Or is it enters the lake? The river does flow North...

On this first day of the three day count, I was given a ride by Alex, one of the several Saint John's Water Management team. The four of us stopped at our determined check points. At each stop we exited the car, played tape recorded Scrub Jay vocalizations, and waited to see if we could observe any jays.

We heard one at an early spot but did not see any until check point 28. There, Susan (another volunteer) was greeted by a family of four. I asked Alex to let me try and get a photo and to try and see any bands that might be on any of the birds. I could make out some yellow and white bands but the real proof was delivered by the couple of shots I got before the birds dropped into the surrounding scrub.

Florida Scrub Jay

In the field I could only make out the bright colors but the photo revealed two more bands. Silver and dark green.

We had to call the last check points off due to Swallow-tailed Kites in the area. Unknown to me, these Kites are now considered predators in this instance as they have been seen swooping down at Jays in the area. Using tapes to call the Jays into the open would be inviting them to dinner.

These were the only Scrub Jays for our group on this day. Tomorrow, I might get a new route. We shall see what birds are in the other areas.

Saturday, June 14, 2008

Burrowing Owls

Almost exactly 2 years ago I was tipped off to a Burrowing Owl location. To this day I have kept that location a secret and will continue to do so until told otherwise. I still get a rare occasion to drive near the spot but have not had the time to drop back in again to see if the owls were still there.

This year, I had to make a swing around the area and decided to spend at least a few minutes making sure if they were there or not. Developers are getting closer all the time. I feared the whole field that they inhabited would be paved over.

Happily, I was wrong.

I thought they may have moved on after a quick scan of the fences lines but I finally spotted a bird about 60 yards outs. I knew pictures would not be good but I snapped a few any way.

On the way back to the van I looked to my left and there, on another fence post much closer, was another owl. Watching me. It even let me get a closer view.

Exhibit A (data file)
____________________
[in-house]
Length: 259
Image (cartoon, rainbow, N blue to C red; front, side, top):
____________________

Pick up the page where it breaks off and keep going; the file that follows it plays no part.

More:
Burrowing Owl

So, the birds are still hanging on in this changing landscape. I just hope that the owners of the properties can claim them as their own for as long as possible. These birds deserve a nice home.

Friday, June 06, 2008

Peach-faced Lovebirds

There were reports today of some 'new' birds not far from the house. I put new in quotes because they were actually reported 2 years earlier but never relocated by anyone. Even me.

But there they were. Peach-faced Lovebirds.

Peach-faced Lovebirds

This time, they were noisy and easy to find. Better yet, they appear to have hatched some chicks this year after using the rocks on the side of a business building as nest holes.

Peach-faced Lovebirds

I will have to keep some notes into the future.

Sunday, June 01, 2008

Hawk and Owl Banding at ARC

A full slate of birds to band and an equally large group of volunteers and viewers! There are more pictures than usual in this post as we had so many birds and banders.

The birds to band today included 8 Red-shouldered Hawks a a few Barn Owls and an American Kestrel (Southeastern sub-species). Many got to take turns banding different birds. For several volunteers, this would be a first opportunity to do so.

Carol brought in the first hawk for banding and we all enjoyed viewing these beautiful birds about to be released back into the wild.

Red-shouldered Hawk

After Richard and I got the first few hawks banded, Richard's granddaughter, Sydney, had a first try at banding.

Red-shouldered Hawk

Once the hawks are banded they are weighed for the records. To do this, they are placed inside of a cardboard box...

Red-shouldered Hawk

...and placed onto a digital scale. The weight of the box (weighed previously) is subtracted to get the actual weight of the bird.

Red-shouldered Hawk

Christine looks on as Carol shows the stress bars on the young hawk's tail. Stress bars indicate growth rates on a bird much like tree rings suggest feeding rates of trees. You can see the points were the bird was growing fastest by the growth patterns in the tail feathers.

Red-shouldered Hawk

Next up, Cameron takes a turn at banding.

Red-shouldered Hawk

For the last Red-shouldered Hawk, Sydney's boyfriend Maxx gets the honor of banding a raptor.

Red-shouldered Hawk

The hawks were returned to their mews (a large structure where the birds can rest and recuperate) and the Barred Owls were brought out.

Barred Owl

Scott McCorkle holds an Owl as Richard applies the band.

Barred Owl

A close-up of the band being applied. You don't want your fingers in the middle of those talons!

Barred Owl

FInally, the Kestrel was brought in. What a pretty bird. I am so used to seeing them so far overhead.

American Kestrel

On the way back to the car I wanted to check on the progress of the Red-shouldered Hawks that I included in an earlier post. Just a couple of weeks and they are so much bigger!

Red-shouldered Hawk

As the season moves into Summer there is usually an increase in birds to be banded as storms displace young birds and are brought into the rehab center. Hopefully, there will not be too many but we will be ready to band them once they are fit enough for release.